The 135th Video

Welcome to the Osterville Library’s 135th celebration video.

What you’re about to see is the culmination of more than a year’s work. It started with a generous grant from the Horizon Foundation. The Maine based non-profit’s objectives include “Teaching appreciation of, and preserving historic assets.” With the support of this grant, we were able to complete several projects to commemorate our 135th anniversary, including video interviews with 45 past and present trustees and employees, patrons, community members and benefactors. These interviews are now part of the Osterville Village Library's permanent archives, and include reminiscences about both the history of the library and 19th and 20th century life in village of Osterville. We’re delighted and grateful that so many agreed to tell your stories and those of your ancestors so we could preserve them for future generations. The video you are about to see includes snippets of some of the interviews, and tells the story of your library. Please enjoy “Osterville Village Library: Turning the Page to the Future.”



The Osterville Village Library is the third oldest library on Cape Cod.  It began in the dining room of its first librarian, Mrs. Thankful Ames in 1873, when she occupied the James Lovell House.  The Osterville Library Booklibrary transitioned to the old school house, under the direction of Reverend E.B. Hinckley.   

Between 1879 and 1880, Mr. William Lloyd Garrison, a son of the Boston abolitionist, and summer resident of Wianno, spearheaded the movement to establish a library building.  As a result of his fundraising efforts, Mr. Garrison acquired land conveyed to him by Lucy A. Lovell and the first library structure was built in 1881.  During the building’s dedication, Mr. Garrison commended the institution to the use and care of the people. 

On January 2, 1882, the “Library and Reading Room” was opened to the public, with a collection of 1,209 volumes and an annual operating budget of $3,600.  The Library was officially incorporated by the State of Massachusetts as “The Osterville Free Library Corporation” on March 13, 1882.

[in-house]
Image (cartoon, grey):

As time went on, library circulation, social events and programs increased and, ultimately, plans were laid to expand the library.  The Eaton store block on Wianno Avenue and West Bay Road, a redwood cedar building that formerly housed a five and ten cent store, was chosen for the new building. On July 27, 1958, an open house and dedication of the new library was celebrated. In 1968, the North Room was added to provide much needed meeting space. In 1989, office space was added to the rear of the building and the installation of an HVAC system was completed.

Over the years, the condition of the building deteriorated to the point that the library trustees needed to either renovate the building or build a new structure. In 2005, trustees began planning to build a new library in the same footprint of the existing library. The new library would expand from its current 8,500 square foot building to a 20,000 square foot building, with a full basement, a full first story, and a 4,000 square foot second story for meeting room space. Library operations shifted to a temporary space on Main Street and in late 2010, ground was broken for the new building. The Osterville Village Library opened the doors of its new building to the public for the first time in March 2012.